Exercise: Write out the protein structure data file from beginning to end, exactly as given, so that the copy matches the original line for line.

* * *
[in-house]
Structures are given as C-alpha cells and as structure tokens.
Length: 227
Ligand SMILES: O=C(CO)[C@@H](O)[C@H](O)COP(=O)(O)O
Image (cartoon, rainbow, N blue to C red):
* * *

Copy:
[in-house]
Structures are given as C-alpha cells and as structure tokens.
Length: 227
Ligand SMILES: O=C(CO)[C@@H](O)[C@H](O)COP(=O)(O)O
Image (cartoon, rainbow, N blue to C red):